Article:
between Lutterworth and Enderby seconds. Take a bow, Damian Baxter. Opening the innings he saw two wickets fall at the other end before, with the score in the 70s, Enderby decided to try spin. Mark Johnstone was the unfortunate bowler as Baxter began by dispatching his ﬁrst ball over long on. Riding his luck, the second was caught but carried over the boundary, the third (for his half century) was over the bowler’s head and the fourth an enormous hit that cleared the car park. Perhaps the most fortuitous strike was the ﬁfth that struck a ﬁelder who might have caught it and cannoned over the rope. Johnstone’s thoughts at this stage are unknown, but probably unprintable. There was nothing lucky about the last strike however, which I’m told ended up on the Coventry Road. What will be forgotten more quickly is that Lutterworth’s winning margin was 31 runs, so it was that over that arguably won them the game as well. Speaking to the Leicester Mercury, Baxter said: “It’s a bit surreal really, I wasn’t sure what to do after the sixth, I’d already raised my bat for my 50 so I just shook Mark’s hand and apologised. It was a great atmosphere, the weather brought a fair few supporters out which made it even more special. It’s something I’ll be boring my grandchildren with I’m sure. “I’ve already started getting stick from the lads and they are keeping me grounded reminding me that I was dropped twice!”
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Grace notes Leicester’s start to the season has been rather mixed. They exited the Royal London Cup at the first stage but were only 21 runs away from defeating Yorkshire to make the knockouts. Head coach Pierre de Bruyn said: “I’m very proud of the guys, we had a very young side out at times and there were a lot of career-bests posted throughout the tournament. It was far better than the 50-over performances of the last few years. “There were a lot more positives than negatives in the 50-over competition, our downfall was consistency as we couldn’t string two really good performances together. It’s a quick turnaround now from white to red ball and all you can do as a player is switch your focus as soon as possible.” So it’s back to the four-day game and the County Championship. Clint McKay, whose innings had nearly seen the Foxes home in that crucial loss to Yorkshire, agreed with de Bruyn. “The boys were understandably gutted but know that we’ve played some good cricket and we’re confident of putting in good performances,” he said. “The players are used to switching between white and red ball. It doesn’t matter what format you’re playing; if you have momentum from your performances, which we have, then you can take that into the next game.” To date their county matches have shown some good performances with the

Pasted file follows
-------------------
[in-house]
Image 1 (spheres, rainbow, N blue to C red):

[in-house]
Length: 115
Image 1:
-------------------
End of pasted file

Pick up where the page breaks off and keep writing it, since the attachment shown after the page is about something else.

bat but have somewhat lacked teeth in the bowling department. They’ll be pleased, therefore, that fast bowler Zak Chappell – late of Stamford School and Town, as well as Market Harborough – is entering his third season in the first team squad relatively injury free aer trouble with an intercostal strain and then an ankle injury had blighted his first two years. Still only 20, he told me: “It’s been different for me this year because I’ve been able to play a lot more cricket. There’s only so much you can learn in the nets. It’s gaining experience in the field that improves a young cricketer.” He continued: “My ambition this year is to play as much as possible. My role in the first team is as a breakthrough bowler – to take wickets with that extra bit of pace I’ve got.” Zak told me he’s been measured at over 90mph and, interestingly, says speed doesn’t come from effort but from rhythm. “It’s those days that you’re not straining for pace that you’re quick,” he said. Pleasingly for old fogies like me and all you other traditionalists out there, the red ball format is his preferred version of the game. “I can appreciate the fun of 20:20 but still believe that at county level the four day version is the purest. It’s the real test of your cricketing skills with nowhere to hide.” Let’s hope they push on from here, now they can concentrate on this format, and start to climb the table.